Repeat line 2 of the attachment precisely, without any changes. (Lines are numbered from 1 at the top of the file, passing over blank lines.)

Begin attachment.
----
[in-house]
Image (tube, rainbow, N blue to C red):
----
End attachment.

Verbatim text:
Image (tube, rainbow, N blue to C red):